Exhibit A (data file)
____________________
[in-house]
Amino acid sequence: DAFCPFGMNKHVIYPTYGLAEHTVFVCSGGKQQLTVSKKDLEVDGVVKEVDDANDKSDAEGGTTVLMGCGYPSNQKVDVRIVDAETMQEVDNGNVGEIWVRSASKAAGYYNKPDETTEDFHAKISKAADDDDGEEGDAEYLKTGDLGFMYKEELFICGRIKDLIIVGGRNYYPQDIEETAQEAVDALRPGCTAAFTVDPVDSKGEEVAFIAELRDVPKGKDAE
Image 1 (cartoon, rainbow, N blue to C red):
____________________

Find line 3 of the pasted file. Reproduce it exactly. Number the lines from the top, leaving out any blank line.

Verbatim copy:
Image 1 (cartoon, rainbow, N blue to C red):